I enjoyed the first glimpse of the Viking Eric and Pam at Fangtasia. Sookie’s womanising brother, Jason, and her best friend at Merlotte’s, Arlene, rounded out the cast nicely.

Small town settings have always held appeal for me. Bon Temps has an interesting mix of characters, both of the human and non-human variety. The descriptions of Sookie’s home, the long driveway up to the house and the graveyard nearby helped me get a vivid picture of the rural landscape in my mind.


Dead Until Dark
is plain good fun. If you’re after something serious, look elsewhere. This is a summer beach read. If you haven’t read these books yet, think about picking up this one for some light-hearted entertainment, and enjoy spending time with Sookie and the folks of Bon Temps. ****

Have you read this series by Charlaine Harris or seen the TV show? What do you think of Ms. Stackhouse?


Charlaine Harris Feels the Wrath of Readers

Charlaine Harris’ final book in her much loved and popular series about the telepathic waitress, Sookie Stackhouse, from Bon Temps, Louisiana, was released this month. The reaction to Dead Ever After has been heated, to put it mildly. Hell hath no fury like thousands of women believing they have been cheated out of their happy ending.

dead 2dead

Harris’ supernatural series, known to many as the True Blood books and to even more as The Southern Vampire Mysteries, has been around for quite a few years. Like many others, I hadn’t heard of it until the HBO show, True Blood, aired back in 2008. I picked up the first half dozen books instantly and got reading. I was hooked. I adored the sassy, ballsy heroine, Sookie, and loved hanging out with her at her job in Merlotte’s and at home in her grandmother’s house. Her life may not have been easy, but it was exciting, surrounded as she was by shifters and vampires. Sookie’s adventures were a mellow form of escapism for me. Harris is an entertaining writer and that’s why fans came back for more. We grew fond of Sookie and wanted to see what life had in store for her next.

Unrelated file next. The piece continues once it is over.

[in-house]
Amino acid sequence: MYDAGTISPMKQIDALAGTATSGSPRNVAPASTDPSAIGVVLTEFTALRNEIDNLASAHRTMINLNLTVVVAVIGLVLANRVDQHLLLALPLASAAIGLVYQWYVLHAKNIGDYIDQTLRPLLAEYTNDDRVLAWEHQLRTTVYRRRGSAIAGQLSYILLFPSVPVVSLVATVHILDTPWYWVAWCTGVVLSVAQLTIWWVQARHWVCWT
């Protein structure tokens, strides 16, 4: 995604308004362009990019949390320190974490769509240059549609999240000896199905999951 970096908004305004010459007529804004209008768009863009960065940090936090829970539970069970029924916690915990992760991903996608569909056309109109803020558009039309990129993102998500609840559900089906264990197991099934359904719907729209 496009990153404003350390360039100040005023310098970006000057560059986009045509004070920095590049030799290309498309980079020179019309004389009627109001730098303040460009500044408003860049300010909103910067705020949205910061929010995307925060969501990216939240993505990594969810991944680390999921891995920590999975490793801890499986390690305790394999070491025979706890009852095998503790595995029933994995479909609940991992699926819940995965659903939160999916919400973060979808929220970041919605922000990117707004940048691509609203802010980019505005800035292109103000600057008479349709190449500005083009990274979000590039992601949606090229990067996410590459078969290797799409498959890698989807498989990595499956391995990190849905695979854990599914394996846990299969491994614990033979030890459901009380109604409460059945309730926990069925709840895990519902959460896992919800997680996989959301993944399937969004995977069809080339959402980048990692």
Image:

However, the last couple of books haven’t been all that great. I only finished Deadlocked, the twelfth Sookie book, a week or so ago and could sum it up in one word, blah. Perhaps the author became bored with the characters after too many years and too many books, or maybe pressure from fans of the TV show got to be too much. Either way, it’s showing through her latest Sookie books. Since I didn’t love the last two books and book number 12, Deadlocked, was especially lacklustre and barely featured Eric – my absolute favourite of all Sookie’s love interests, I’m not going to be buying the last book any time soon. Perhaps when all the fuss and hatred (not an exaggeration – people are spitting mad) dies down, I’ll read it.

If you’re curious about the rage people are feeling after reading the final book, just go visit the reviews on Amazon or Goodreads. People are cancelling orders and demanding their money back in large droves. Fair enough some readers are annoyed by what they feel is less than quality writing, boring plots, continuity errors and so on, but those threatening to attack Harris and kill themselves because of the way Sookie’s story was wrapped up should consider therapy.

Check out this article:

The Guardian. Charlaine Harris threatened by fans over final Sookie Stackhouse novel

From reading Deadlocked, it was pretty damn clear who Sookie WASN’T going to end up with, so if that’s a big cause of the anger, I don’t get it… Anyway, I put it to you, Gentle Reader. Should an author of romantic fiction pay attention to what thousands upon thousands of readers want? Or should a writer stick to her own path, fan reaction be damned.